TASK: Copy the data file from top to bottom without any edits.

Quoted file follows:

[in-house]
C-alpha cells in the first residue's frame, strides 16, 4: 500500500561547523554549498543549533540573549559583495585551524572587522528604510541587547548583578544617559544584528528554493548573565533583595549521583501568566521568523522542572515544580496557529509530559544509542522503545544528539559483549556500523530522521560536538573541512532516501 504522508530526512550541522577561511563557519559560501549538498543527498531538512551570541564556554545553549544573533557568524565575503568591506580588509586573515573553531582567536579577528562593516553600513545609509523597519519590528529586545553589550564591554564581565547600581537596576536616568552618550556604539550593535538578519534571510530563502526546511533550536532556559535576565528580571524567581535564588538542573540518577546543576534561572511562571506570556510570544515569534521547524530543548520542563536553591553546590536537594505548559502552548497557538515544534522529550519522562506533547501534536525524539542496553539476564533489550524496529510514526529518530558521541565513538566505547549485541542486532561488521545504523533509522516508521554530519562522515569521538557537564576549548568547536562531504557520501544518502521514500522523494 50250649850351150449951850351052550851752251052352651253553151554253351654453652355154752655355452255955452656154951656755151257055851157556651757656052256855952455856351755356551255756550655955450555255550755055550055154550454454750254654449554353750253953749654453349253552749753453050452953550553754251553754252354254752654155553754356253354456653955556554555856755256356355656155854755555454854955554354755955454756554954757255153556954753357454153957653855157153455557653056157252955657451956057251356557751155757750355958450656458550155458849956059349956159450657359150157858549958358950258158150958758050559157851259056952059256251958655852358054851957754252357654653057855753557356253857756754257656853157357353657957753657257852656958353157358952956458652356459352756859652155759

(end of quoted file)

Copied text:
[in-house]
C-alpha cells in the first residue's frame, strides 16, 4: 500500500561547523554549498543549533540573549559583495585551524572587522528604510541587547548583578544617559544584528528554493548573565533583595549521583501568566521568523522542572515544580496557529509530559544509542522503545544528539559483549556500523530522521560536538573541512532516501 504522508530526512550541522577561511563557519559560501549538498543527498531538512551570541564556554545553549544573533557568524565575503568591506580588509586573515573553531582567536579577528562593516553600513545609509523597519519590528529586545553589550564591554564581565547600581537596576536616568552618550556604539550593535538578519534571510530563502526546511533550536532556559535576565528580571524567581535564588538542573540518577546543576534561572511562571506570556510570544515569534521547524530543548520542563536553591553546590536537594505548559502552548497557538515544534522529550519522562506533547501534536525524539542496553539476564533489550524496529510514526529518530558521541565513538566505547549485541542486532561488521545504523533509522516508521554530519562522515569521538557537564576549548568547536562531504557520501544518502521514500522523494 50250649850351150449951850351052550851752251052352651253553151554253351654453652355154752655355452255955452656154951656755151257055851157556651757656052256855952455856351755356551255756550655955450555255550755055550055154550454454750254654449554353750253953749654453349253552749753453050452953550553754251553754252354254752654155553754356253354456653955556554555856755256356355656155854755555454854955554354755955454756554954757255153556954753357454153957653855157153455557653056157252955657451956057251356557751155757750355958450656458550155458849956059349956159450657359150157858549958358950258158150958758050559157851259056952059256251958655852358054851957754252357654653057855753557356253857756754257656853157357353657957753657257852656958353157358952956458652356459352756859652155759